You wake up one morning and realize something’s missing. And nope, it’s not the fuzzy slippers you get to wear on back-to-back Zoom calls. Those are a happy thing.
It’s your sense of purpose.
You began your career with a spring in your step, and maybe a load of college debt, but it was worth it to discover all the possible “oysters” in your new world.
So you landed your first job, then the next. Each time employers pigeonholing you into doing the same type of work you did in the last job. Why? Because it made them feel safe to hire you for something you were good at…even though no one knew you didn’t particularly enjoy it.
Then one day you had enough. Your career itch became a real ache. You decided to find your true career purpose.
But where do you start? And how can you convince someone to let you try something new?
It’s an age-old question, which as a career coach and recruiter, I’ve been helping folks figure out for the last decade.
So, here’s my in the trenches, “walk a mile in the employer’s shoes” advice. To get the job you want, understand what the employers wants.
- Hiring managers are trying to mitigate their risk. Every time an employer recruits for an open position, their main concern is whether the new employee can solve their urgent problems immediately AND stick around long enough to maximize on their hiring investment. Which is more expensive than you think.
- Your job is to make them feel safe. If you were able to pay yourself to do the work you love, that would make things easy! But since your employer has the cash (sorry!) you need to demonstrate that you can leverage your skills, understand their industry challenges, and be happy in this new career longer than say… 6 months. And yep, they are seriously worried about that.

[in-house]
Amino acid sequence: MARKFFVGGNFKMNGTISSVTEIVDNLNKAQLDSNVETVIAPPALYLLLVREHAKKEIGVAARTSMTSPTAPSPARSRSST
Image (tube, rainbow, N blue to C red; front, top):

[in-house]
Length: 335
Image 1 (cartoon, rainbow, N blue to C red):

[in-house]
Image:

- How? By using “ING” and “ER” to repurpose your skills. Your INGs are the skills you’ve amassed during your career – a common one is writing. The ER is the profession that can emerge from that skill, presuming you can see yourself doing it full time – in this case, writer. If you list all the ING skills you love, then rebrand your resume and LinkedIn profile toward the new ER profession, you can ease the employer’s mind about your career shift. **One example is the time I helped an attorney become a journalist for a legal trade publication. (Ask me more about how I did it…)
So, if my client can move from attorney to journalist, with a little intention you can shift from operations director to digital event planner… or from lobbyist to public relations professional.
How? By remembering that the person reading your resume has a job to keep too. So, make it easy for them to say YES!
There’s your Hire Moment for the moment!
Stay tuned for future monthly posts with topics like these:
- Leveraging LinkedIn to Boost Your Career Brand
- Networking 101: Be a Go-Giver (a.k.a. It’s all About THEM)
- Tapping the Hidden Job Market
- Demystifying the World of Recruiters
- Interviewing to Land the Offer
After you read each post, here are 3 steps you can take:
- Feeling empowered? Email me your story!
- Feeling generous? Pay it forward by sharing this newsletter with others, and by inviting colleagues to join me each Friday from 9:15 – 10:15amET for a FREE open Q&A for job seekers: Hire Moment Mastermind.
- Inbox too full? Feel free to unsubscribe at any time.